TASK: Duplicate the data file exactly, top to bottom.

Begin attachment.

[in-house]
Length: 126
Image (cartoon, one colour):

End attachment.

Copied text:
[in-house]
Length: 126
Image (cartoon, one colour):